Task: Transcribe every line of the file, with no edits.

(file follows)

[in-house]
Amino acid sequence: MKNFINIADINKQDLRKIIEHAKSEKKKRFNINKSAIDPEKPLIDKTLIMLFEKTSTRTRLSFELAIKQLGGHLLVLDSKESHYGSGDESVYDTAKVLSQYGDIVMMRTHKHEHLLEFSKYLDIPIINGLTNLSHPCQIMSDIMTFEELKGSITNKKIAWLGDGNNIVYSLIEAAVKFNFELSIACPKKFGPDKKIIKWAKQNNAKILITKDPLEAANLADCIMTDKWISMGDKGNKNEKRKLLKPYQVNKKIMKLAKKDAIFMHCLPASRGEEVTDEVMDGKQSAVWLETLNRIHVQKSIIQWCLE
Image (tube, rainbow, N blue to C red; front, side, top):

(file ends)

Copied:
[in-house]
Amino acid sequence: MKNFINIADINKQDLRKIIEHAKSEKKKRFNINKSAIDPEKPLIDKTLIMLFEKTSTRTRLSFELAIKQLGGHLLVLDSKESHYGSGDESVYDTAKVLSQYGDIVMMRTHKHEHLLEFSKYLDIPIINGLTNLSHPCQIMSDIMTFEELKGSITNKKIAWLGDGNNIVYSLIEAAVKFNFELSIACPKKFGPDKKIIKWAKQNNAKILITKDPLEAANLADCIMTDKWISMGDKGNKNEKRKLLKPYQVNKKIMKLAKKDAIFMHCLPASRGEEVTDEVMDGKQSAVWLETLNRIHVQKSIIQWCLE
Image (tube, rainbow, N blue to C red; front, side, top):